Hacktivists and cybercriminals: Is there really a difference?

I always look at security reports with skepticism. It's too easy to spin the numbers and motives in ways that distort the true meaning of what's been found. That's why I find Verizon's latest 2012 Data Breach Investigation Report hard to swallow.

It's not that I question the raw data. It's that I think Verizon stretches it by trying to pretend hacktivism and cyberthievery are two different things.

Carolyn Duffy Marsan wrote about the report for Network World, a sister publication of CSO. She explained the report this way:

Hacktivists - not cybercriminals - were responsible for the majority of personal data stolen from corporate and government networks during 2011, according to a new report from Verizon. The Verizon 2012 Data Breach Investigation Report found that 58% of data stolen in 2011 was the result of hactivism, which involves computer break-ins for political rather than commercial gain. In previous years, most hacking was carried out by criminals, Verizon said.

I have to laugh about the last line. After all, aren't hacktivists criminals, too? Judging by all the investigations and arrests of late -- including the LulzSec bust -- one would think so.

Verizon says it examined 855 cybersecurity incidents worldwide that involved 174 million compromised records. Marsan writes, "This is the largest data set that Verizon has ever examined, thanks to its cooperation with law enforcement groups including the U.S. Secret Service, the Dutch National High Tech Crime Unit and police forces from Australia, Ireland and London. Outsiders - rather than rogue employees - were responsible for 98% of the data breaches examined by Verizon last year." She quotes the report as saying, "Activist groups created their fair share of misery and mayhem last year...They stole more data than any other group," the report said. "Their entrance onto the stage also served to change the landscape somewhat with regard to the motivations behind breaches. While good old-fashioned greed and avarice were still the prime movers, ideological dissent and schadenfreude took a more prominent role across the caseload."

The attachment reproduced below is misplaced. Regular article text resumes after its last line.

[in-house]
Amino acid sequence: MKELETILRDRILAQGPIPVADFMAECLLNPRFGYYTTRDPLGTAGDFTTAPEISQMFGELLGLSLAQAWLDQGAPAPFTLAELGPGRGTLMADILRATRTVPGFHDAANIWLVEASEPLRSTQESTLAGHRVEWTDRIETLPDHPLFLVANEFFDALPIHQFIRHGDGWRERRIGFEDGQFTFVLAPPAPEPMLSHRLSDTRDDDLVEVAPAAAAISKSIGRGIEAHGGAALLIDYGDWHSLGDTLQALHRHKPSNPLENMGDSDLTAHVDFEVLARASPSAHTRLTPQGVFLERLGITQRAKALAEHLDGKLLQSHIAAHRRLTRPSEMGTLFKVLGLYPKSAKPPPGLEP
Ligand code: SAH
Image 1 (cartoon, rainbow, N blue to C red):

True, when it comes to motivation, there is a difference. Hacktivists are trying to advance a cause and target those they believe are against that cause. Obviously, a different motivation from the simple pursuit of other people's money.

But the tactics and results are the same. For the targeted organization, that's what really matters. There shouldn't be any difference in the defenses you put in place for a hacktivist or common thief. Verizon even says as much in the report, noting that the most common attack methods were social engineering (phishing, for example) and the exploitation of weak passwords and lax company security policies.

If you discover your company has been breached, the nature of the stolen data and how it was lifted matter more than the motivation of the attackers.

The answer to the threat is the same as it ever was: Organizations need a program of layered security technologies and policies. They have to make employees use stronger passwords. They have to educate the masses on the social engineering tricks out there.

Again, these are points Verizon makes.

It's a solid piece of research that shouldn't require a shaky angle to attract eyeballs.

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